Now for a bit on the algorithm:
Using a set was clever, but it would've been even cleverer to realize you don't actually need the collection of the numbers, just their sum. The problem here is the duplicates, and that's the remainder comes in. I'm not sure how familiar you are with it, so I'm going to assume you're not for the sake of completeness. I remember being taught about division and remainder in elementary school and used division all the time since then, it being an integral part of mathematics. Remainder, however, I had completely forgotten about until I started coding, where it became immediately useful and more prevailent than division. In python (and most languages) it's the operator %, which is actually the modulo operator, which is slightly different for negative numbers. Anyway, the following equation is always true except when b = 0: a / b = b * n + r. Here, n is the result of the division (remember, integer division always returns an integer, rounded towards zero) and r is the remainder of the division. This tells us that when r = 0 a must be a multiple of b, just because n has to be an integer.
Before we go on I'll explain range/xrange. Both do the same, essentially, but differ in how they do it. When given a number, range produces a list with all the numbers from 0 to that number minus one (the length of the list will be equal to the number which is usually what we want. When looping, the elements of the list are usually unimportant, but the length is not because it decides how many loops we'll do). 'range(5)' produces '[0,1,2,3,4]'. When given two numbers, it produces a list from the first number to the second minus one, so 'range(3,6)' produces '[3,4,5]'. When given three numbers it produces a list from the first, to the second (but not the second itself), using increments of the third, so 'range(3,10,3)' produces '[3,6,9]'. You can also give it negative increments, so 'range(5,0,1)' produces '[5,4,3,2,1]'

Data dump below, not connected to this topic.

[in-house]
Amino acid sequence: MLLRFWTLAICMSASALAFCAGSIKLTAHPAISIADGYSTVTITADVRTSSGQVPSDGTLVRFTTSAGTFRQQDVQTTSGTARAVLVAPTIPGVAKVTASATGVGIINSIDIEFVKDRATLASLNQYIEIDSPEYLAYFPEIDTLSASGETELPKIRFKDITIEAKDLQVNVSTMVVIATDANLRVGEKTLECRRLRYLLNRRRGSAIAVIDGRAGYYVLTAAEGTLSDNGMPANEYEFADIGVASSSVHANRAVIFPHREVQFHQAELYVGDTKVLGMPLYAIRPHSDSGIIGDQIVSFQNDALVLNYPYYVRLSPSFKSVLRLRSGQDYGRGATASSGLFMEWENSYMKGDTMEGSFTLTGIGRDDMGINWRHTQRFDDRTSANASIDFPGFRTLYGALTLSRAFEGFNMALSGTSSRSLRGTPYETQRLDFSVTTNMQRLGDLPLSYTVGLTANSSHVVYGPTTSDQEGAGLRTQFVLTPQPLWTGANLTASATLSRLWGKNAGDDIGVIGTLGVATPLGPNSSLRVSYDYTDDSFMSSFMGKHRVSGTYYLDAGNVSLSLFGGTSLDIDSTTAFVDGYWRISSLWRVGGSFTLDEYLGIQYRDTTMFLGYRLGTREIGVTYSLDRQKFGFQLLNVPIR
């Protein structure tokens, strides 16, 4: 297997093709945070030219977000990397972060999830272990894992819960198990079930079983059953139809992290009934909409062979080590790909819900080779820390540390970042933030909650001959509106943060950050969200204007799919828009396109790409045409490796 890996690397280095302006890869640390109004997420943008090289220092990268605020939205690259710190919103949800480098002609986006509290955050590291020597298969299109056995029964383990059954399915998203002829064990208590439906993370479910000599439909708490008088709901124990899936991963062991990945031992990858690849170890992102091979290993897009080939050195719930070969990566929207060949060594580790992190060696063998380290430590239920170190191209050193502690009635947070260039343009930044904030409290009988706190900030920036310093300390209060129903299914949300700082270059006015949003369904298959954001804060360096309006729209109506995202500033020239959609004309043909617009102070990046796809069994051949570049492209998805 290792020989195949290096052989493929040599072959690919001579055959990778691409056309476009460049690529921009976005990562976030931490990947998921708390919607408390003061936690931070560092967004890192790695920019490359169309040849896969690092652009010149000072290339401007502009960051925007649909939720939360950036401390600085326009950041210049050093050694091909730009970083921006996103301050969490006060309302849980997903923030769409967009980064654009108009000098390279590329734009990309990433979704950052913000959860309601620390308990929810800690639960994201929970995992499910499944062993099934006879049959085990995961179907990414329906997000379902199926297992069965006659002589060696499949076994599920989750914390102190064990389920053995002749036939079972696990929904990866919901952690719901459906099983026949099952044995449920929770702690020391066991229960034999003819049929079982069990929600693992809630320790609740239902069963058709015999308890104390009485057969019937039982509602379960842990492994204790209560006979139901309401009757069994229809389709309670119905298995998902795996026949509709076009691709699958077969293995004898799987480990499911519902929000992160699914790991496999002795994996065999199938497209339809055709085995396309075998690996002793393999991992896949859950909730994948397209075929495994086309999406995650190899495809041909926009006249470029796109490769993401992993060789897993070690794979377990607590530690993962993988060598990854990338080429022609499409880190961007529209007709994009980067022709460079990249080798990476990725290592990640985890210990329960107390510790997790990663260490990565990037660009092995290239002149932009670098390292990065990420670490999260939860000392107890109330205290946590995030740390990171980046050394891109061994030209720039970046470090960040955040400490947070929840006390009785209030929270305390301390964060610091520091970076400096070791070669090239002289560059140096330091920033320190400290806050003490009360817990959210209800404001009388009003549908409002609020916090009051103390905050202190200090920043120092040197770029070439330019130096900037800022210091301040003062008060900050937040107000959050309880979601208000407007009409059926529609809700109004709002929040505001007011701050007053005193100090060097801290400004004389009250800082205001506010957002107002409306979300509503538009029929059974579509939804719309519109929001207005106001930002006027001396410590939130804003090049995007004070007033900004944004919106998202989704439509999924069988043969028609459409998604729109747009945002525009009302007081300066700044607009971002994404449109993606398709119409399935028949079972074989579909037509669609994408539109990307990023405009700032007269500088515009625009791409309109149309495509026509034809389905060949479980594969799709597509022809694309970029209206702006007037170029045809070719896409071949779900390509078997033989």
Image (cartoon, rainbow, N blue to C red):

xrange works just the same as range, except instead of creating all the numbers and returning a list, instead it returns a generator that produces the numbers one at a time when asked to. The for loop is smart enough to know what to do with a generator, making it possible to loop over all the numbers in a range without actually creating the list itself. The advantage of using a generator is that you don't have to waste memory and time creating and moving around large lists, while the disadvantage is that once a generator has returned something it forgets everything about it, making it impossible to reuse them. (You could create several generators generating the same thing, but that means calculating the same things several times as well when a list means only doing it once).